Commercial paper and euro-commercial paper

The following Banking & Finance practice note provides comprehensive and up to date legal information covering:

  • Commercial paper and euro-commercial paper
  • What is commercial paper?
  • Who issues CP?
  • CP markets
  • Why issue CP?
  • Lower cost of borrowing
  • Flexibility
  • Backstop facilities
  • CP and ECP programmes
  • Parties involved in a CP programme
  • More...

Commercial paper and euro-commercial paper

What is commercial paper?

Commercial paper (CP) is a type of debt security which is traded by professional and institutional investors in the money markets (a money market instrument) and is:

  1. issued to meet short-term funding needs, for periods of between one week and 364 days

  2. issued in bearer global form (see Practice Note: Global securities v definitive securities)

  3. unsecured, unless it is issued under an asset-backed commercial paper programme (see Practice Note: Asset-backed commercial paper and associated structures)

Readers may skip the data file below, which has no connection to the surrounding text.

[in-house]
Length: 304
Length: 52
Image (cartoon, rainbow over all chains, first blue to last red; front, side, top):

4. sometimes (but not usually) listed on a stock exchange

  5. can be awarded a credit rating from one or more credit rating agencies

  6. usually issued at a discount to its face value, rather than being interest-bearing—this means that the return to the investor is equal to the difference between

    1. the discounted amount at which the CP is purchased, say 97% of its face value, and

    2. the amount payable on redemption of the CP, 100% of its face value, and

  7. issued under a programme

If the proceeds of issue of CP are received in an account in the UK, there may be a breach of the restrictions on accepting deposits under section 19 of Financial Services and Markets Act 2000 unless the CP is issued to professional or institutional investors and the redemption value of the CP is at least £100,000. For more information on

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